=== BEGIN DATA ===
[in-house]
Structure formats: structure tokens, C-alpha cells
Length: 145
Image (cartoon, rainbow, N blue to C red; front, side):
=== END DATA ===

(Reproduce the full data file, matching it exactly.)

[in-house]
Structure formats: structure tokens, C-alpha cells
Length: 145
Image (cartoon, rainbow, N blue to C red; front, side):